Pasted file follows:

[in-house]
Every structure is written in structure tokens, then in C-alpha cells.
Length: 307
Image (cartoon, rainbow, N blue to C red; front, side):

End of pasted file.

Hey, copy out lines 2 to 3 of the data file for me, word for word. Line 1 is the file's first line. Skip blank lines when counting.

Every structure is written in structure tokens, then in C-alpha cells.
Length: 307